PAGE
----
What's the point of the Senate?

After more than a year of fighting for real reform, it will still take 60 votes to pass just about anything


Steve Kornacki
January 25, 2013 6:13PM (UTC)

President Obama won widespread praise from the left for his inaugural address on Monday, offering a vigorous defense of the safety net, social equality, and liberal values in general. But Thursday produced a reminder of just how difficult it will be for the president to match his rhetoric with substantive second-term achievements.

Presented with demands from progressive activists – and more than a few members of the chamber – that they use a simple majority vote to overhaul the Senate’s filibuster rules, Democratic leaders balked and settled instead for a compromise that will produce, at best, cosmetic changes to the way the Senate does business. It was enough to prompt Iowa’s Tom Harkin, a veteran senator and outspoken advocate for major filibuster reform, to say that Obama “might as well take a four-year vacation.”

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Harkin surely spoke those words in haste, but his frustration is understandable. Republicans have used the filibuster to turn the Senate into a de facto 60-vote body. It was the key tool they deployed in 2009 and 2010 to stall and water down Obama’s agenda, back when Democrats enjoyed robust majorities in both legislative chambers but (except for a few months) fell short of the magic 60-vote mark in the Senate. With Republicans grabbing control of the House in 2010 and retaining it last fall, the filibuster itself is no longer as essential to Republican obstruction efforts, but they continue to use it at record levels.

The hope for reformers wasn’t to eliminate the filibuster completely and to turn the Senate into a House-style, majority rule body. That may be the ultimate objective for some, but for now, the focus was on measures like forcing filibustering senators to actually hold the Senate floor and talk – as opposed to current practice, which allows the mere threat of a filibuster to kill legislation. Another possibility was forcing those seeking to filibuster to muster 41 votes in order to go forward, rather than placing the burden on the majority to produce 60 votes to end a filibuster. More than anything, the goal was to demonstrate that reform – real reform – was possible. That, in turn, would either clear the way for more significant changes in the future or force Republicans to reconsider their behavior, lest more severe reforms be enacted.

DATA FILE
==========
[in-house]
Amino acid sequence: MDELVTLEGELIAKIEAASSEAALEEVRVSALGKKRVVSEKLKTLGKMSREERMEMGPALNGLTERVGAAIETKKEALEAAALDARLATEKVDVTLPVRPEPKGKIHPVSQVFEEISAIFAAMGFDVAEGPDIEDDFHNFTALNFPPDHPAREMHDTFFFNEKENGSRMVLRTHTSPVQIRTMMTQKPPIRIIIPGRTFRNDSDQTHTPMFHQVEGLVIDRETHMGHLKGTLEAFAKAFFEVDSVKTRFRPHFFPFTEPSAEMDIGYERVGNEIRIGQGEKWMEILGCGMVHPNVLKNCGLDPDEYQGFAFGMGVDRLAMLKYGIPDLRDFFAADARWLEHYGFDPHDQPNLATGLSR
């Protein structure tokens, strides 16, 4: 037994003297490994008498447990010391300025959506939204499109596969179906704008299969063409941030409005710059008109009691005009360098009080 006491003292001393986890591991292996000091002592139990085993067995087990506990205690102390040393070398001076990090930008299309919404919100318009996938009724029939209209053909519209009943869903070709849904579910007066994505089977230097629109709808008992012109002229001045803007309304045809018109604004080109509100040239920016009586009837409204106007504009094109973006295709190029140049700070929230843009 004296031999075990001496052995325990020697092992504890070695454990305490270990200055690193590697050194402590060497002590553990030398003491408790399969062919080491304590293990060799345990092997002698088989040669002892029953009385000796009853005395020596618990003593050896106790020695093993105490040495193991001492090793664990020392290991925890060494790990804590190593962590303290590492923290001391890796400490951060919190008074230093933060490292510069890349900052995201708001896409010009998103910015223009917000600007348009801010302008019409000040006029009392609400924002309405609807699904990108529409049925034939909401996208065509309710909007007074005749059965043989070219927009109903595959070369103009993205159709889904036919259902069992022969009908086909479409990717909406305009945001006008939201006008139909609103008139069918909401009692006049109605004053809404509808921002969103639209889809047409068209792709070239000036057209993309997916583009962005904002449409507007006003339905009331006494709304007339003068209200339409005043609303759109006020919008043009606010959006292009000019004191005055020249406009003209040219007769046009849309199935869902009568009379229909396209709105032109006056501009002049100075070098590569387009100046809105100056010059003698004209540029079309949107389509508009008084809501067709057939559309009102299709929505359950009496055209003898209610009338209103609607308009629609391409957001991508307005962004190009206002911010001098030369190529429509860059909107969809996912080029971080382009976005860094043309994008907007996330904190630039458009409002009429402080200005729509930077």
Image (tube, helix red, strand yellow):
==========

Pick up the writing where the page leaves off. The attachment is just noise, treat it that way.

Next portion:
It’s unclear why exactly Majority Leader Harry Reid opted not to pursue reforms like this. It may simply be that there are too many institutionalists on the Democratic side – long-serving senators who cherish the tradition of the filibuster and the power it gives them as individuals. There may also have been fear among Democrats of the tables being turned the next time Republicans gain control of the chambers, with the GOP using a simple majority vote to tweak the rules to its liking. “I’m not personally, at this stage, ready to get rid of the 60-vote threshold,” Reid told the Washington Post’s Ezra Klein on Thursday.

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By itself, this won’t derail Obama’s second term agenda. Even with the threat of a Republican filibuster, the president was able to secure passage a few weeks ago of a fiscal cliff deal that raised income tax rates. And, as Greg Sargent reported Thursday, there are signs that red state

Democrats are working with Republicans in the chamber on legislation that could tighten gun background check procedures; that would be a significant achievement if it were to pass. Immigration reform will also be on the table this year, with (some) Republicans desperate to improve their party’s image problem with Latino voters – and, perhaps, ready to sign on to a plan being developed by Sen. Marco Rubio. There are also ways for Obama to go around Congress in pursuit of his agenda.

But Thursday was the latest affirmation of just how broken the Senate has become. The Founders surely never imagined that a three-fifths majority would be the standard requirement for passing legislation in the upper chamber, and for most of American history it wasn’t. But filibuster use skyrocketed in 1993, when Republicans found themselves locked out of the White House and big Democratic congressional majorities. And it spiked even higher when they found themselves in the same situation after the 2008 election. A destructive new norm for minority party behavior has been established, and nothing in Thursday’s agreement will do anything to change it.

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Steve Kornacki

Steve Kornacki is an MSNBC host and political correspondent. Previously, he hosted “Up with Steve Kornacki” on Saturday and Sunday 8-10 a.m. ET and was a co-host on MSNBC’s ensemble show “The Cycle.” He has written for the New York Observer, covered Congress for Roll Call, and was the politics editor for Salon. His book, which focuses on the political history of the 1990s, is due out in 2017.

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